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  • Writer's picturePaul Peter Nicolai

Supreme Court Says Appeal From a Denial of a Motion to Compel Arbitration Stops Trial Proceedings

Updated: Sep 15, 2023

The US Supreme Court has decided that an appeal of a denial of a motion to compel arbitration under the Federal Arbitration Act (FAA) automatically stays trial proceedings.

In 1988, Congress amended the FAA to give parties the immediate right to appeal the denial of a motion to compel arbitration. The statute is silent about whether the appeal automatically stays the district court proceedings. Following the 1988 amendment, a circuit split arose regarding that question.

Here, the plaintiffs filed two separate class actions. The agreement provided for dispute resolution via binding arbitration, so the defendant moved to compel arbitration, which the district court denied. The defendant exercised its right to appeal whether the case should proceed to arbitration immediately. Still, the district court and the US Court of Appeals refused to stay the proceedings while the appeals were pending.

US Supreme Court Decision

The majority said Congress enacted the new law against a transparent background principle prescribed precedent - an appeal, including an interlocutory appeal, divests the district court of its control over those aspects of the case involved in the appeal. Because the question on appeal is whether the case belongs in arbitration or instead in the district court, the entire case is involved in the appeal. Therefore, the district court must stay its proceedings until the appeal concludes.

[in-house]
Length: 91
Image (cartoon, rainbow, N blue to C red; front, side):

WHY THIS IS IMPORTANT… This decision sets a new national standard for the FAA, substantially increasing litigation efficiency. Parties should consider drafting arbitration agreements in contracts that subject the arbitration agreement to the FAA to take advantage of this new standard. Doing so may prevent months of wrangling while the issue of where the case should be tried is decided.

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